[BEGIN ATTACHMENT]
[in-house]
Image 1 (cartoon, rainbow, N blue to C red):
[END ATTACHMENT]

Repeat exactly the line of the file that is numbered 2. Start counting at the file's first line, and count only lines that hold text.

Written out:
Image 1 (cartoon, rainbow, N blue to C red):